Guest author Cara Van Le reflects on how memories are either forgotten or not shared, resulting in ambiguity that is often misconstrued.
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I’m not a social butterfly. I like the warmth of my cocoon. It was only after a year of dodging invitations and one particularly difficult teaching day that I agreed to attend a happy hour with my co-workers. We arrived at the bar, assembled tables together, shuffled chairs, and before I knew it, I was locked somewhere in the middle, unable to make a getaway without getting my chair’s legs tangled with those of someone else’s. We exchanged the usual pleasantries. Work, weather, drinks of choice. And like clockwork, exactly what I was expecting to happen did.
“So,” she said, shifting her gaze from her cocktail to my face, “What… is your ANCESTRY?” My coworker’s eyes got wide and the sleeves of her dress shirt swept up and around, reflecting a loose timeline of how far back she wanted me to go.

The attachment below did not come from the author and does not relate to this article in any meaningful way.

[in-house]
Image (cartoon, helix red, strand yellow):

My initial reaction was to challenge her, but I reeled myself in because she was someone who worked above me and anyway, she seemed tobe choosing her words carefully. Most of all, she seemed nervous, and I kinda like making white people nervous. So I was about to answer politely, but before I could utter a single word, another coworker interrupted me.
“She is a Viet cong,” she said, taking a long gulp of her beer. And she laughed. I stated as firmly as I could that I didn’t consider it funny, which made her laugh even more.
I listened to her laugh echo in the bar. It was as if something about my face was a riddle, a joke, and Viet cong was the punchline.
* * *